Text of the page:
British parliament rejects Brexit deal
London: Britain’s parliament rejected Prime Minister Theresa May’s Brexit deal on Tuesday, triggering a no-confidence vote in her government and plunging its plans to leave the EU into further chaos.
MPs voted 432 to 202 against May’s plan for taking Britain out of the European Union, the biggest parliamentary defeat for a government in modern British political history.
Over 100 lawmakers of May’s Conservative party – both Brexiteers and Remainers – overwhelmingly voted against the deal. The crushing defeat also marks the collapse of her two-year strategy of forging an amicable divorce with close ties to the EU after the March 29 exit.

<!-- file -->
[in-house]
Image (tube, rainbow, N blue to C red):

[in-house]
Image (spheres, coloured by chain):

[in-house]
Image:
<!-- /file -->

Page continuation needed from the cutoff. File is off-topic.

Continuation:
“It is clear that the House does not support this deal, but tonight’s vote tells us nothing about what it does support,” May told parliament, moments after the result was announced.
Soon after the defeat, opposition Labour leader Jeremy Corbyn submitted a motion of no-confidence against May’s government. It will come up for discussion in the House today.
According to the Britain’s parliamentary procedure, when a bill is rejected by the MPs, the prime minister has three sitting days to return to Parliament with a Plan B.